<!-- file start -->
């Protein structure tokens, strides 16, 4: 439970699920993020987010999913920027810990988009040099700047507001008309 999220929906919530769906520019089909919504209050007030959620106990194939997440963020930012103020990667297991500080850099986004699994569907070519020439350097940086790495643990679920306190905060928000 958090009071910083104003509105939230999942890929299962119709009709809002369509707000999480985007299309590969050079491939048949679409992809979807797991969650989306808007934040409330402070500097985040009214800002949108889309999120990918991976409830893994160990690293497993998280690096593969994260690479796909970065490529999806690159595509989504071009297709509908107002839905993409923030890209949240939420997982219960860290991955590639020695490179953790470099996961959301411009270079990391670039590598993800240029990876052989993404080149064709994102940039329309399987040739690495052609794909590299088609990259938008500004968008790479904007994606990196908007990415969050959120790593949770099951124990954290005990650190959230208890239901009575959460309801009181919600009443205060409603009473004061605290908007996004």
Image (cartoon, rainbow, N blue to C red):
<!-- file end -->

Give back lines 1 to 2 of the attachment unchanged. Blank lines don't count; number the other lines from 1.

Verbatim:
């Protein structure tokens, strides 16, 4: 439970699920993020987010999913920027810990988009040099700047507001008309 999220929906919530769906520019089909919504209050007030959620106990194939997440963020930012103020990667297991500080850099986004699994569907070519020439350097940086790495643990679920306190905060928000 958090009071910083104003509105939230999942890929299962119709009709809002369509707000999480985007299309590969050079491939048949679409992809979807797991969650989306808007934040409330402070500097985040009214800002949108889309999120990918991976409830893994160990690293497993998280690096593969994260690479796909970065490529999806690159595509989504071009297709509908107002839905993409923030890209949240939420997982219960860290991955590639020695490179953790470099996961959301411009270079990391670039590598993800240029990876052989993404080149064709994102940039329309399987040739690495052609794909590299088609990259938008500004968008790479904007994606990196908007990415969050959120790593949770099951124990954290005990650190959230208890239901009575959460309801009181919600009443205060409603009473004061605290908007996004």
Image (cartoon, rainbow, N blue to C red):